Linked by lopisaur on Fri 25th Jun 2010 22:21 UTC
Ubuntu, Kubuntu, Xubuntu Based upon a recent email to the X.Org developers' mailing list, Canonical is nearing the point of one of their goals for Ubuntu 10.10 of a rootless X Server, or being able to run the X.Org Server without root privileges.
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RE[2]: Big deal...
by Neolander on Sat 26th Jun 2010 13:59 UTC in reply to "RE: Big deal..."
Neolander
Member since:
2010-03-08

Xorg is one of the best piece of technology available in Linux.

As a former Linux user, I find this insulting for my previous OS of choice. There is great tech in the Linux world, sure : JACK, networkmanager, udev, APT... But X.org is *not* among them. It's slow, it kills all apps when it crashes, its standard widgets (Motif) haven't been updated for ages, leading to appearance of a bunch of incompatible toolkits... And let's not consider the time it took to get mouse hot-plugging working.

The sole thing which Xorg does very well is error messages. /var/log/Xorg.0.log is a great way to know what has happened when X has crashed. Again.

Edited 2010-06-26 14:04 UTC

Reply Parent Score: 2

RE[3]: Big deal...
by Zifre on Sat 26th Jun 2010 14:12 in reply to "RE[2]: Big deal..."
Zifre Member since:
2009-10-04

I don't claim to love X (in fact I am programming my own window system similar to Wayland), basically all the things you said about it are wrong.

It's slow

Well, its architecture is not the greatest, but pretty much any computer can handle it fine. (By comparison, Windows Vista and 7 and very slow, even though their graphics architecture is fairly well designed.)

it kills all apps when it crashes

No, apps decide to kill themselves when they crash. And guess what, if Windows crashes, all your apps crash too!

its standard widgets (Motif) haven't been updated for ages

Motif isn't really the "standard widget toolkit". It was in old toolkit used many years ago that got replaced with much better things.

leading to appearance of a bunch of incompatible toolkits...

By a bunch, I think you really mean two. Gtk+ and Qt. However, they both cooperate pretty well, and can be themed to look the same very easily.

However, I do agree that we should only have one standard toolkit: Qt. Gtk+ is simply technologically inferior in every way. I would be very happy if GNOME was rewritten in Qt...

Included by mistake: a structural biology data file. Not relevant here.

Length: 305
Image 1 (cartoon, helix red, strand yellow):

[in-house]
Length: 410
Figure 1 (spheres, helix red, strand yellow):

Reply Parent Score: 2

RE[4]: Big deal...
by Neolander on Sat 26th Jun 2010 14:59 in reply to "RE[3]: Big deal..."
Neolander Member since:
2010-03-08

Well, its architecture is not the greatest, but pretty much any computer can handle it fine. (By comparison, Windows Vista and 7 and very slow, even though their graphics architecture is fairly well designed.)

Try to play with it when some heavy calculation is running in the background, and see if it remains responsive ^^ Though you're right that "slow" is not the good word. In terms of performance, X is acceptably fast, except for demanding things like games where I think that crappy drivers and compositing are more likely to blame.

No, apps decide to kill themselves when they crash. And guess what, if Windows crashes, all your apps crash too!

Wrong. If windows' graphic layer crashes, and I've seen it crash many times, the desktop disappears for a moment, then reappears with all your apps on top of it. You can safely save your work before rebooting your computer and investigating what's wrong if crashes happen again.

By a bunch, I think you really mean two. Gtk+ and Qt.

There's also the Enlightenment toolkit which is slowly getting popular lately, but you're right that the UI toolkit mess on Linux is not nearly as complicated as the media API mess...

However, they both cooperate pretty well, and can be themed to look the same very easily.
I know, QtCurve is one of the first things which I install on my Linux boxes. However, it's just about looks. Things like open/save dialogs are still inconsistent...

However, I do agree that we should only have one standard toolkit: Qt. Gtk+ is simply technologically inferior in every way. I would be very happy if GNOME was rewritten in Qt...